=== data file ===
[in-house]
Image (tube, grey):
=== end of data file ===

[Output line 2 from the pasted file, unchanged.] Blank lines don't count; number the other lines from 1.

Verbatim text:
Image (tube, grey):